The clients, one of whom works at the Getty, lost their mother, Shifra, last January and wanted to do something extraordinary to commemorate her life. Their grandmother, who survived her daughter, bought a plot in the iconic Hollywood Forever Cemetery in the late ’90s. This was just a few years after brothers Tyler and Brent Cassity bought what was at the time a decrepit cemetery for $375,000. The Cassity brothers then spent millions fixing up the cemetery, helping it become the outdoor-movie-indie-band-lavish hotspot we know and love.
Although the Hollywood Forever Cemetery has been Jones’ office for the past couple months, it is not where her work started. Instead she began with a series of sketches, attempting to get the essence of Shifra.
“Drawings and samples and ideas flowed, the tree was a symbol that emerged almost immediately. I made a [tree] that spoke of both strength and beauty, and came from the strata and color blooms inside the stone itself,” Jones explains.
After many hours of immersing herself in the family’s history, Jones discovered a Pink Rosa Portugal marble, which became the canvas for Shifra’s legacy.
She found the stone at Canoga Park's Dodd Marble and Stone, which Jones describes as “a graveyard of marble stones. “The resting place of a container shipped over from Europe 20 years ago. Dodd himself is well into his autumn years and remains as untended as his lost marbles.”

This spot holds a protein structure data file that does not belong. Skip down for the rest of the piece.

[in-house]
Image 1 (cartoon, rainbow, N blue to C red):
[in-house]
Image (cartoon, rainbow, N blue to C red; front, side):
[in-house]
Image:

After agreeing (then disagreeing, then agreeing again) on a price for the stone, Jones hired a forklift driver to get the 4-ton piece to her work space in Art City Studios.
“Set in stone” is an idiom for a reason, and Jones spared no precautions when it came to preparing to carve the pink marble monster she had procured for the job. She built a maquette, a scale model in clay with an exact rendering of the image. The writing on the stone is a combination of Hebrew and Russian, neither of which is a language Jones was familiar with, so precision was key. Once she got the maquette approved by the family, she was able to begin work.
Jones spent three weeks carving, drilling, cutting and sanding.
“I worked until my arms and hands swelled with bulging muscle that shook from the pounding vibration of hammering and chiseling, from angle grinders and skill saws, I worked until I could stand no more, and would drive home in a cloud of dust, falling asleep as soon as I had showered,” she says.
After she was done with the majority of the carving and shaping, Jones transported the marble to Hollywood Forever, where she completed the finishing touches, including carving and sandblasting the lettering.
On the outside, nothing about Jones or Shifra’s monument fits with the Hollywood Forever Cemetery narrative. Traditionally an in-house crew of men works on the grayish-black headstones in the cemetery. Jones, who towers over the weathered crew, was the only female (that we know of) who was able to penetrate the boys club and contribute her own dedication to the deceased. Her light-pink stone looks nothing like the grayish black ones that line the plots. In a way, Jones’ idiosyncratic existence is fitting for the place.
The 62-acre cemetery is depressing yet beautiful, an oxymoron with echoes of tears, music, traffic, celebrities and death reverberating off the mausoleum walls. It is many things, but traditional is not one of them — just like Jones.
Before we part ways, I ask to see some photos of the stone in its early stages. Jones excitedly pulls out her iPhone only to realize the screen has frozen. She furrows her brow, raises her hand and smashes her phone against the table.
“Don’t worry, I do this all the time,” she tells me, reacting to my gasp.
A couple more table-rattling bangs and the phone unfreezes. Yup, she’s definitely a sculptor, I think to myself. The photos were wonderful.